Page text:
Now, make those labels black, and give them a black stroke. I usually make the stroke around 2pt thick, and give it rounded corners. Your labels, inside the opacity mask, will look something like this:
Now, Alt-click out of the mask. You’re done! Your linework on this layer is now knocked out. The opacity mask has black areas, in the shape of your labels, plus a little extra (from the stroke you gave them), and that means your linework has turned invisible in the area of those labels, plus a little beyond.
It’s important to understand that you now have two copies of these labels — the real ones in your map, and a separate copy in the opacity mask. If you move a label in the map, the copy in the opacity mask doesn’t change. You’ll have to re-do it.
This is a similar problem to having to fix things if you were deleting linework, but it’s a little less hassle to fix and it’s non-destructive. Also note that you’ll have to repeat this process for each layer of artwork you want to knock out.
If you want to work a little more efficiently, you can actually draw/copy/paste/etc. inside the opacity mask while still viewing the art layer. Instead of Alt-clicking to go into the opacity mask, just plain click on it. You’re now editing the contents of the mask, but you’re seeing the layer. So, if you can keep them mentally separate, it’s a nice way to see how you’re affecting your art while working in the mask.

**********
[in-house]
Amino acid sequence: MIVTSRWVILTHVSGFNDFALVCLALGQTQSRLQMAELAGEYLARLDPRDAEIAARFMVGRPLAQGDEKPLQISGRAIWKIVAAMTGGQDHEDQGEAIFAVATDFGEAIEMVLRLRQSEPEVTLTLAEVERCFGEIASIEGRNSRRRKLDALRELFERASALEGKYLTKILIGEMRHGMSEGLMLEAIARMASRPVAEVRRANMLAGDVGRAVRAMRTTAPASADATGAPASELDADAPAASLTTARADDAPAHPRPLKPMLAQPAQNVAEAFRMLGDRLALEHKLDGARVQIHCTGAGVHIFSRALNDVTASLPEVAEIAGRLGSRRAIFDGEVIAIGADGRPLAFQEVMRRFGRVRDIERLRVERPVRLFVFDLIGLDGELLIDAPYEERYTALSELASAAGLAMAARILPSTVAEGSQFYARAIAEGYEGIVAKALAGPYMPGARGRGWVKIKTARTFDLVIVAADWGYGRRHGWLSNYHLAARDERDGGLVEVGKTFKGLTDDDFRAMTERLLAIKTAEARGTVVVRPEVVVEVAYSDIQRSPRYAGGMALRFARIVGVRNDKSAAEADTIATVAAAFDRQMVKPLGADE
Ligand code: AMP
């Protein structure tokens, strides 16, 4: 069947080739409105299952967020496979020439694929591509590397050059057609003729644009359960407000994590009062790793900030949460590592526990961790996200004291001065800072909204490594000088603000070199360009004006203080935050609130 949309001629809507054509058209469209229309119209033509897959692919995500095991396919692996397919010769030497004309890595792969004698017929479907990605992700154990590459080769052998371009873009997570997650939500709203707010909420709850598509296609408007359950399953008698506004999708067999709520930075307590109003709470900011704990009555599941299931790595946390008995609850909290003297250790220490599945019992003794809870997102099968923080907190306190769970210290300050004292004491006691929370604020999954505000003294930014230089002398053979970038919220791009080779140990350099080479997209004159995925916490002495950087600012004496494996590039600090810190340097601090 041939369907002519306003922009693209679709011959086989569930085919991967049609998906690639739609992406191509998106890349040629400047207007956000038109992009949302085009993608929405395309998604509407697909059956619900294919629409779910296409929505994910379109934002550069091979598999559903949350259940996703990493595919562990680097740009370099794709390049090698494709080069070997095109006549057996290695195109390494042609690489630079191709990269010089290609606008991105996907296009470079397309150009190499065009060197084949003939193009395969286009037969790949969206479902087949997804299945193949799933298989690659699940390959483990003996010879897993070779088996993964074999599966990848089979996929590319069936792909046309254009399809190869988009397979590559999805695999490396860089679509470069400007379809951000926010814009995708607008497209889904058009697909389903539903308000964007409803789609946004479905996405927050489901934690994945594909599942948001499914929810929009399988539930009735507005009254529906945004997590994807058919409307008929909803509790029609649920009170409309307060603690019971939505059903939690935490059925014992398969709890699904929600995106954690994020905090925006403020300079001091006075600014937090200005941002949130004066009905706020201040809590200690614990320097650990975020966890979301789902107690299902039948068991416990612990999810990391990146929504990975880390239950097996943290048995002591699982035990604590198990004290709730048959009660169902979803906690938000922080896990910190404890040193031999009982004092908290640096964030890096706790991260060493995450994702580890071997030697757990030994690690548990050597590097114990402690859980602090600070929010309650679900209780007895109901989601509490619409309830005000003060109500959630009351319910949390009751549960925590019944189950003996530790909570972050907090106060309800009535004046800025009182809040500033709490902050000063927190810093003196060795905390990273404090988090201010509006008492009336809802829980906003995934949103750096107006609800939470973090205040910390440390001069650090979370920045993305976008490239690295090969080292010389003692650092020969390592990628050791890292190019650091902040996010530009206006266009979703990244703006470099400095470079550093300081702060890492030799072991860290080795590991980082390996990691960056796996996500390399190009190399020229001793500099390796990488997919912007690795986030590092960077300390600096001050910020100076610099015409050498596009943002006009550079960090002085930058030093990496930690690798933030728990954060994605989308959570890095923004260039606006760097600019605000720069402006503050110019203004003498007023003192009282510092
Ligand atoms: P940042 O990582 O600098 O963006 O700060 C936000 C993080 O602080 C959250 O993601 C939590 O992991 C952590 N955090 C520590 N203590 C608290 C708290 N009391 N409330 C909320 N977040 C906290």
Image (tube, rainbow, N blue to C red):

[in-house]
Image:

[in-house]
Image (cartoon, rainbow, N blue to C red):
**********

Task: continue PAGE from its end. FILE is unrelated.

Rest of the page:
Instead of completely knocking out a layer, you might also instead try making it partially transparent, as I did in this example:
Here, I set an opacity mask with a copy of my type, but I didn’t make it black. Instead, I made it grey, which tells Illustrator to make the art only partially transparent. The darker the grey, the more transparent, until you get to black, which is 100% transparent.
Finally, in case you were curious about the “Clip” checkbox, that just tells Illustrator to set any areas of the opacity mask where you didn’t draw artwork to black. So, at the beginning, when we made the mask, there was no artwork in the mask, and so everything was turned to black. If we’d drawn a white circle in the mask with the “Clip” box checked, the circle would stay white, and everything around the circle would remain black.